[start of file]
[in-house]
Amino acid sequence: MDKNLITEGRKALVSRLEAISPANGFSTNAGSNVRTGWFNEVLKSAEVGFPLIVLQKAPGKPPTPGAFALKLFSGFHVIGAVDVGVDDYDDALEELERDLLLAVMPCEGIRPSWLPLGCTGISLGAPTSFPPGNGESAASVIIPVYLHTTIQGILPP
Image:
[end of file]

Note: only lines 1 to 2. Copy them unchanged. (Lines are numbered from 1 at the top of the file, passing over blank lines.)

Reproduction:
[in-house]
Amino acid sequence: MDKNLITEGRKALVSRLEAISPANGFSTNAGSNVRTGWFNEVLKSAEVGFPLIVLQKAPGKPPTPGAFALKLFSGFHVIGAVDVGVDDYDDALEELERDLLLAVMPCEGIRPSWLPLGCTGISLGAPTSFPPGNGESAASVIIPVYLHTTIQGILPP